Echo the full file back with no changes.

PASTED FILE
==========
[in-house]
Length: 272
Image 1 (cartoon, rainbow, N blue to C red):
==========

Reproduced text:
[in-house]
Length: 272
Image 1 (cartoon, rainbow, N blue to C red):